Comprehensive assessments of the demographic impact of the epidemic were conducted for Botswana in 2000 [3] and 2006 [4]. This report expands and updates those analyses using the latest surveillance and program data as well as updated models developed by UNAIDS. It describes the use of these data to estimate national prevalence in Botswana and to assess the implications of that estimate for other indicators of interest, such as the number of people infected, the annual number of new infections, the number of people in need of ART, and the impact of the PMTCT and treatment programs.


The HIV surveillance program conducts annual HIV surveys among women aged 15–49 years attending ante-natal clinics. Surveillance has been conducted annually since 1992 and now includes 24 sites [5]. Since these surveys measure HIV prevalence in pregnant women they do not represent prevalence in all adults, including both men and women. However, since ANC surveillance is conducted annually it does provide information on trends in prevalence that should be representative of those in the general adult population.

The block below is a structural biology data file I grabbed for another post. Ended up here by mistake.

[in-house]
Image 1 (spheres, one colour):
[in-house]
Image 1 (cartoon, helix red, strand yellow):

The Botswana AIDS Impact Survey II (BAIS II) conducted in 2004 measured the prevalence of HIV infection in the population aged 18 months and above [6]. Although only 61% of those interviewed in this survey agreed to provide a blood sample for HIV testing, the results of this survey are thought to provide a reasonably accurate measure of HIV prevalence in 2004.

The UNAIDS Reference Group on Estimates, Models and Projections has developed several tools to estimate national prevalence. One of these tools, the Estimation and Projection Package (EPP), is used in most countries in sub-Saharan Africa to estimate prevalence trends from surveillance and survey data in countries with generalized epidemics [7]. EPP works by fitting a simple epidemic model to surveillance data from multiple sites over time. Separate estimates are made for urban and rural prevalence and then combined to produce a national estimate.